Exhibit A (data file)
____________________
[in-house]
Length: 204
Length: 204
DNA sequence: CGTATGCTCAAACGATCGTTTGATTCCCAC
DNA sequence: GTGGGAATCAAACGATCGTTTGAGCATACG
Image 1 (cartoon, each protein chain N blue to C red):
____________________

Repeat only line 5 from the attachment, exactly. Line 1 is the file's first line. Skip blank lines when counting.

DNA sequence: GTGGGAATCAAACGATCGTTTGAGCATACG